I love The Good Wife. It’s clever, bold, funny, and unbelievably resilient. I mention resilience because it’s what leads me to my conclusion that this show is the most impressive one on television. After just having its 6th season midseason-finale (where the show took another in a long line of enormous risks) while being well over 100 episodes old, I continue to be in awe of its ability to still be so damn good. Often being seen as a just another CBS procedural drama from those who don’t know any better, The Good Wife is head and shoulders above the rest of TV’s network dramas and is without a doubt on the level of prestige cable dramas such as Breaking Bad and Mad Men. The acting on all fronts is phenomenal, the scripts are fantastic, and mother of God is the satire on politics and the law on point. Perhaps cable dramas are more tightly written, with less plots being dropped or going undeveloped as they have on The Good Wife on occasion, but those shows don’t have to run for half as long as it does. The ability to churn out 22 quality episodes a year is remarkable on its own, but to be able to balance so many plots, character arcs, and themes just makes me want to scream out in empathy. “That’s just way too much work!” I want to say, but all that comes out is “thankyouthankyouthankyou!”, since this show ends up doing so much right.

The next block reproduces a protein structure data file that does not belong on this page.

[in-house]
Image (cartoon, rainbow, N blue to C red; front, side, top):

Unlike most shows, The Good Wife actually had pretty solid footing in place for its first season. It was definitely driven early on by the single image of a wife standing beside her disgraced politician husband following a harrowing sex scandal. This a turning point in the humiliated wife’s life, and as our protagonist (Alicia Florrick, who is played flawlessly by Julianna Margulies), she is forced back to work and ends up striving to find a way to reassert her identity through becoming a lawyer again. From then on Alicia quickly proves herself as one of TV’s most complex heroines, as she is caught between the legal and political worlds. The first two seasons were very solid pieces of television that ended on a very, very high note, the next two seasons, 3 and 4, while still good, weren’t quite as excellent as what came before. There was this sense that seasons 1 and 2 were “complete” packages in terms of story while 3 and 4 were searching for a direction to really grab on to. Everything changed in season 5’s fifth episode “Hitting the Fan” (the show’s most aptly named and best hour) and it has been uphill since then. Like Alicia back in season 1, the show skillfully reinvented itself in a way no one thought was possible, and came out so much stronger than before. On top of that, it handled the departure of one of its main characters by taking yet another huge gamble in the last third of a season that already took enormous risks.